Expert Witnesses and Medical Negligence Cases- Part 1
One of the remarkable features of the American system of justice is the use of juries in civil cases. The jury, comprised of members of the community to speak on its behalf, ultimately decides the facts of the case and renders a verdict. We rightly trust our fellow citizens with this important task. The use of a jury in civil cases should stand as a rejection of trial by elites – people who think they know better than so-called average citizens. It also stands as a rejection of the tempting idea that defendants should be tried to a jury of their peers, narrowly defined. When a trucking company causes a wreck by overworking its drivers, would we want that case tried to a jury comprised exclusively of trucking company executives? Of course not. When a corporation understaffs its nursing home and the residents suffer as a result, do we think it makes sense for that jury to be comprised exclusively of nursing home executives? Of course not. Along similar lines, we would not want a medical negligence case against a doctor tried exclusively to a jury of doctors, so our system of civil justice is set up to ensure that malpractices cases are tried to a jury made up of members of the community, just like other cases.
Of course, the companies that provide malpractice insurance to doctors and hospitals know this all too well. They know they can’t get a jury made up of doctors and hospital executives. But what’s the next best thing? What if there was a way to make sure that the jury only got to hear certain facts? What if there was a way to set the system up so that the jury only got to hear facts that the doctors thought were important, and no other facts that ordinary citizens might think were critically important? What if there were a way to make sure that even those facts were filtered through a panel of so-called experts, who got to tell the jury not only what the facts of the case are, but why those facts are important? If the system could be set up like that, there would be little room for the members of the jury to use their own collective wisdom and experience in deciding medical negligence cases. Doctors would tell them what facts were important and the jury would never even get to hear any other facts. They jury would not get to decide what facts were important and what facts were not. Doctors would. The jury would not even get to decide why or if certain facts were important. Doctors would. The jury’s sole function would be to pick between competing facts that were already pre-selected and filtered for them by members of the medical profession. I would argue that this is not the way our system of justice is supposed to work, but it is exactly what has happened to a large extent in medical negligence cases. I’ll discuss the beginnings of this problem in the next post in this series.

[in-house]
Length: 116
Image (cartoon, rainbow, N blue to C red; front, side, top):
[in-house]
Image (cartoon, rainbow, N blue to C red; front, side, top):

In part one of his six part blog entry, Geoff Brown ellaborates on one of the remarkable features of the American system of justice---the use of juries in civil cases.